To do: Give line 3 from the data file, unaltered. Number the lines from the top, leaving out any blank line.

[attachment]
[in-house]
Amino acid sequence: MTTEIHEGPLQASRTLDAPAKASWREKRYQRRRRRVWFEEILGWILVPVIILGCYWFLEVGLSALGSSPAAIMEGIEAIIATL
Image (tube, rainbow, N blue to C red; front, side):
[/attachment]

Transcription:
Image (tube, rainbow, N blue to C red; front, side):